How do you prepare for a six-minute match? Go hell for leather and hope to pick up the three points in a smash and grab? Or sit back, bunker down, weather the storm and take the point? For a club of Real Madrid’s stature, only one option was viable: they were going to attempt to overwhelm Real Sociedad, in a must-win game if they wanted to apply any pressure on Barcelona.
The nature of how Real would play the game was perhaps most evident from the sole change they made. The tall and strong Fernando Morientes, newly returned from an unheralded loan period at Liverpool, replaced the more diminutive Michael Owen.
The authorities decided the match would begin again from the 84th minute and, from the first touch of the ball, Real Madrid went in only one direction – forward. It took barely 20 seconds for them to threaten. A defensive clearance by Los Blancos was met by Raúl. He headed into the path of Morientes who brought the ball down before passing to Beckham who in turn looked to play a through ball to a forward-rushing Ronaldo. The Brazilian was inches away from getting the killer touch but keeper Asier Riesgo was quick enough off his line to sweep up the danger.
The game continued to be played at a blistering pace in probably what was the closest a football match has ever resembled a tennis match. Every time the Basque outfit hit a ball into the Madrid half it would be returned stronger, deeper and more precise. Real Madrid constantly peppered their opponent’s defence looking for chances off second balls where they could take a dig from distance or try to play in Ronaldo, who was looking to get in behind the defensive line.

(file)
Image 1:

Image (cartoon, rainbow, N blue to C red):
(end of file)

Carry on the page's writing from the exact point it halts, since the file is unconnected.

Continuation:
After three minutes, the tactic finally paid off. A long ball was punted up the pitch by Guti to the Brazilian who collected and drove into the box before being brought down by a heavy challenge from Mikel Labaka. The referee immediately pointed to the penalty spot and up came Zinedine Zidane to deliver the blow. His well-struck penalty was tucked into the bottom left corner just beyond the reach of a fully outstretched Riesgo.
Phase One of Luxemburgo’s plan had worked to perfection. Ronaldo was brought off and replaced by centre-back Francisco Pavón. Now it was the Madrileños’ turn to batten down the hatches. The Basques looked for an opportunity of their own and long balls were launched forward but there was no way through the solid white wall. The game was over: two points lost for La Real, and three essential points won for Luxemburgo and his squad.
The fans had finally seen the sort of attitude and desire they expected from their beloved team. What’s more, the fierce Spanish press were so impressed with the manner of their victory that they dubbed Madrid ‘La Cofradia del Clavo Ardiendo’ (an odd term that translates very roughly as the Brotherhood of Indomitable Spirit) in reference to their never say die attitude. Luxemburgo had given the Galácticos their mojo back, the squad was reinvigorated and, just four days later, they followed up their victory over Sociedad with a 3-0 away win at cross-city rivals Atlético Madrid.
After this, there was to be no stopping the newly-formed brotherhood as they won their next five matches. These victories propelled Luxemburgo’s charges up the table as they pushed runaway leaders Barcelona until the very end, only losing the league title in the penultimate match of the season, and eventually finishing just four points off the top spot.
Flash forward 14 years and Real Madrid once again find themselves in a similar position with history completing a full circle within that time. The likes of Gareth Bale and Isco are misfiring, they are in third place in the league, eight points away from leaders Barcelona and seemingly short on confidence after a poor start to the campaign under Julen Lopetegui.
Current manager Santi Solari will be hoping to tap into the Cofradia spirit that he witnessed first hand as a player and utilise the end of the season to make a renewed charge for the title. Perhaps he has reminded his players of a time when he witnessed a six-minute match that proved to be the catalyst a previous generation of Galácticos needed in order to turn their season around and restore their pride.
By Dan Parry @thelinesmanblog